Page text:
Back at komusubi in January 2017 Takayasu produced one of his best efforts as he finished in a tie for third place and was awarded the special prize for Fighting Spirit. His 11 wins included victories over yokozuna Kakuryū and Hakuhō and three of the four ōzeki (the fourth ōzeki was his stablemate Kisenosato).[7] In March 2017 Takayasu was back up to sekiwake at West "Sekiwake" #1. Takayasu was able to win his first 10 days straight, the first time he had ever gone 10–0 to start a tournament which put him in contention for the cup. On Day 11 and 12 Takayasu lost against yokozuna Kakuryū and Harumafuji, then on Day 13 lost against Yoshikaze. However, he was able to win the final two days and finish out the tournament with a 12–3 record. For his performance in the tournament he won the Outstanding Performance prize, for the third time. Having 23 wins in the last two tournaments in the titled ranks of san'yaku, it appeared that Takayasu would receive serious attention for promotion to ōzeki if he could achieve around 11 wins or more in the May 2017 tournament.[8] The Chairman of the Japan Sumo Association (JSA), Hakkaku, has called for him to show greater consistency, saying he "is competitive when he follows his winning formula, but he still has many weak points."[5] Takayasu achieved his target, recording his eleventh win with a victory over Harumafuji on the thirteenth day, and was awarded his second Technique prize. Immediately after the tournament Hakkaku announced that an extraordinary meeting of the JSA board of directors would be convened to consider Takayasu's promotion.[9] On May 31, Takayasu was officially promoted to ōzeki. During his promotion speech, he was quoted as saying "I will devote myself to sumo and compete fairly so I can live up to my name as ōzeki."[3]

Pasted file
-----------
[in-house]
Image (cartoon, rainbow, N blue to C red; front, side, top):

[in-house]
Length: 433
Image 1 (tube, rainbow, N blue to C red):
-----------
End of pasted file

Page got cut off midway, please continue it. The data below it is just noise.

Ōzeki